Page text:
Political Mailers and the Union Printing Bug
Can You Spot the Union Printing Bug on Your Political Mailers?
"Step by step, the longest march
Can be won, can be won;
Many stones can form an arch,
One by one, one by one,
And by union, what we will
Can be all accomplished still.
Drops of water turn a mill –
Singly none, singly none."
- The Constitution of the American Miners' Association, 1864
There are many types of unions, but in Democratic direct mail you should familiarize yourself with union printers. If the printer’s employees are union members, they are provided a union label, known as a “bug,” with a registry number unique to their union print shop. In the printing industry, union printers place their union “bug” with their respective registry number on the pieces they print as an assurance of craftsmanship and quality. In short, the “bug” is a sign of union-approved working conditions.
In Democratic direct mail, it is important to make sure that the printers that produce the mail also implement union working conditions for their employees at their facility. Great union printers are located all across the U.S., and many are familiar with the political cycle and the subsequent requirements of political mail. If you want to learn more about this, check out our previous posts on union printing.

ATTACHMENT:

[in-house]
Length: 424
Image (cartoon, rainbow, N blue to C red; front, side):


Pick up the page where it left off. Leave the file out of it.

Sometimes the absence of a “bug” is more noticeable than its presence. It is such a small element on the mail piece, that sometimes it can go unnoticed. But like each drop of water in the Mississippi River, these little and hard to read “bugs” contribute to the building of a robust American workforce and the production of a strong Democratic political mailers.
Have questions about union printing and union bugs on political mailers? Ask them here: